Paracetamol no better than placebo for low back pain, study finds
By Kate Kelland LONDON (Reuters) - Paracetamol, a painkiller universally recommended to treat people with acute low back pain, does not speed recovery or reduce pain from the condition, according to the results of a large trial published on Thursday. A study published in The Lancet medical journal found that the popular pain medicine was no better than placebo, or dummy, pills for hastening recovery from acute bouts of low back pain or easing pain levels, function, sleep or quality of life. Researchers said the findings challenge the universal endorsement of paracetamol as the first choice painkiller for lower back pain. "We need to reconsider the universal recommendation to provide paracetamol as a first-line treatment," said Christopher Williams, who led the study at the University of Sydney in Australia.
Egyptian Carving Defaced by King Tut's Possible Father Discovered
A newly discovered Egyptian carving, which dates back more than 3,300 years, bears the scars of a religious revolution that upended the ancient civilization. The panel, carved in Nubian Sandstone, was found recently in a tomb at the site of Sedeinga, in modern-day Sudan. Originally, it adorned the walls of a temple at Sedeinga that was dedicated to Queen Tiye (also spelled Tiyi), who died around 1340 B.C. Several centuries after Tiye's death ? and after her temple had fallen into ruin ? this panel was reused in a tomb as a bench that held a coffin above the floor. Archaeologists found that the god depicted in the carving, Amun, had his face and hieroglyphs hacked out from the panel.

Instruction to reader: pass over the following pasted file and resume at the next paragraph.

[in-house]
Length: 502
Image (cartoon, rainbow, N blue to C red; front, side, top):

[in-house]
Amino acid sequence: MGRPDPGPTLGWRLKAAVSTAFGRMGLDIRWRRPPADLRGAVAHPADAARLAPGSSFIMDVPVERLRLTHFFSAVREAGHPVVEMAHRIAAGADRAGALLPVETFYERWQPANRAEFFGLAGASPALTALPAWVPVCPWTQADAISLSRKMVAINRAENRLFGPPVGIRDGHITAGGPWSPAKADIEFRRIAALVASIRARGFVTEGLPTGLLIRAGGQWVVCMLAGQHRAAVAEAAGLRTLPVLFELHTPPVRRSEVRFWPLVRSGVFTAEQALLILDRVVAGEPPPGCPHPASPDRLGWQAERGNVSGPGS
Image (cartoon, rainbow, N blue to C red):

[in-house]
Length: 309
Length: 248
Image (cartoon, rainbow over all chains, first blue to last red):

Americans' Favorite Adult Beverage Is ?
Beer! More Americans say they prefer a pint over a glass of vino or a cocktail, according to a new Gallup poll. This year, 41 percent of U.S. drinking adults said they typically choose beer; This is the strongest showing for beer in the United States since the drink's popularity tumbled in 2005, though it still has a long way to go to climb back up to its heyday in the '90s when almost half of Americans said they preferred it, Gallup noted.
Colorado River Groundwater Disappearing at 'Shocking' Rate
As the Southwest's drought has worsened in the last decade, making surface water scarce, millions of people are drawing more heavily on underground water supplies. Between December 2004 and November 2013, more than 75 percent of the water lost in the Colorado River Basin was from groundwater, according to the study. The results show that groundwater is already being used to fill the gap between the demands of the region's millions of residents and farmers, and the available surface water supply, the researchers said. "We found a surprisingly high and long-term reliance on groundwater," study co-author Jay Famiglietti, senior water cycle scientist at NASA's Jet Propulsion Laboratory in Pasadena, California, said in a statement.